You could take a sack full of weed in your hand luggage and they simply wouldn’t give a fuck. They would occasionally stop you if you had a hand gun in your pocket. It was the most unbelievably laxed security ever when you compared it to the German approach to airport security after the so called Libyan bombing. They would be asking you your mother’s maiden name, what school you went to, and they would even check the serial numbers on your fucking toothbrush. In America prior to 9/11 getting on a plane was like hailing a cab in London. Let me tell you, the last American tour that I did, I did it in a van and I just drove coast to coast. That was absolutely fantastic, it was total freedom. You can stop whenever you want, go to wherever you want to go, it was brilliant.

Do you have a favourite Del Amitri track?

At the moment, oh god, I always like listening to Kiss This Thing Goodbye because to me there is something about the way that it was recorded. It was a very arduous recording process, but the song came out right. I can remember hearing that song coming out of someone’s pickup truck in Florida back in 1990 and thinking ‘fucking hell that sounds amazing’. However, when it comes to playing live, the ones that are really simple for me to play on the bass tend to be the ones that are the most fun to play live so things like Stone Cold Sober, Always The Last To Know, are always great fun to play. What is your favourite Del Amitri track?

I have always loved Spit In The Rain. I think that it is a fantastic song.

Really, well let me tell you that we actually managed to do a half decent version of that on the last tour which we had never quite managed to do before. To be honest I personally have never been that enamoured with the lyric of Spit In The Rain but it is a really good tune. For some reason it is the Glasgow taxi driver’s favourite song (laughter).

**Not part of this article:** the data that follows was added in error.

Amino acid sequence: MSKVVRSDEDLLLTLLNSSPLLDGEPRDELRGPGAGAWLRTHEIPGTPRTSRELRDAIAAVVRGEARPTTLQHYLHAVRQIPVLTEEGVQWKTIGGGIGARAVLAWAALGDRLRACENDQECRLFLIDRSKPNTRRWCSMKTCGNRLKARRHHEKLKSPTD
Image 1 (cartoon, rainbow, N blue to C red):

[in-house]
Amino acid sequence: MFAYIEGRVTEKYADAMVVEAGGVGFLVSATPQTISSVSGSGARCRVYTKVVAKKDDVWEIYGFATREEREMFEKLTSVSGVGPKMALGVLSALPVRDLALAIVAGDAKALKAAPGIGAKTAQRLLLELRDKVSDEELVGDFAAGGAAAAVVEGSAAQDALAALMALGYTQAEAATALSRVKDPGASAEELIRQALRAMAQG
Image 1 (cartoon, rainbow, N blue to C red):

You have mentioned the bass a couple of times now. Who has inspired you when it comes to playing the bass?

Initially that would have been Jah Wobble, who was the original bass player in Public Image Ltd (PiL). I learnt all of the bass lines from the first two PiL albums. After that it was people like Peter Hook from Joy Division, when again I learnt all of the bass lines from their debut album Unknown Pleasures. I grew up listening to The Beatles so Paul McCartney was a subconscious influence but it is impossible to play like Paul McCartney, he is just so musical. After that it was dear old Phil Lynott from Thin Lizzy, and Fred Smith who was the bassist with Television. Fred plays very simply and has got a lovely round tone, I really do like his style of playing.

Justin, on that note let me once again thank you for taking the time to speak to me today, it’s been fascinating.

Thanks Kevin, good man, it’s been brilliant once again. You take care and I hope to see you in Nottingham.